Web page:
B for Behavior, Blackboard and Brain (1)

Blackboard is a very efficient tool utilized by AI agent for generating appropriate behavior. In this blog-post I shall demonstrate the Unreal Engine code, in action, using the BlackBoard class.

First we initialize the BlackBoard object in the following fashion with line 8

void AMAIController::SetGameRep(AMAIGameState *GR)
MAIGameRep = GR;

// setup blackboard component
UBlackboardComponent* BB = NewObject(this, TEXT("BlackboardComponent"));

UBlackboardData* BlackboardAsset = NewObject(BB);


Then, we register the component with line 11 and declare the UBlackBoardData with line 14.  Next we add the key PlayerScore in the UBlackBoardData and finally initialize the BlackBoard with the asset. This is the code equivalent to the editor state shown below


The BlackBoard keys can be accessed by the code


The idea behind the BlackBoard is to provide a scratch work space with relevant data, required for the decision making purposes. Furthermore it is equipped with the ability to send notifications once data has been updated and cache the calculations saving redundant CPU processing time and power.

BlackBoard can be shared among several AI instances. It basically provides a common ground for all the AI instances to operate in collaborative manner. This gives rise to new collective behavior leading to more realistic gameplay and recreation.

Next, we  want to focus our attention towards Reinforcement Learning algorithms which are more or less dormant in the game AI  world (I really don’t have the clue why). But good news is that people are now gearing towards its implementation in game Engines (Unity seems first one to include that). For more information watch this video. There have been some white papers based on RL in game AI for instance Capture The Flag: the emergence of complex cooperative agents and Implementing Reinforcement Learning in Unreal Engine 4 with Blueprints.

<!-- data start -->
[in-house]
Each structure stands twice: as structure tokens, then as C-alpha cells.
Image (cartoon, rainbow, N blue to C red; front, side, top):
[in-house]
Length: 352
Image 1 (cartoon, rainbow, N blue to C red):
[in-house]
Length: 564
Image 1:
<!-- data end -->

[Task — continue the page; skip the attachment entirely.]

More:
Using the BlackBoard class, I applied Reinforcement Learning on Unreal Engine AI controller which is shown in the video below

The aim was to train the AI to shoot red boxes without actually coding it. This is called emergent behavior which was not included in the compiled code, but based on the rewards, AI learnt to shoot red boxes! More information on how I implemented RL will follow in the sequel blog-post. Stay tuned.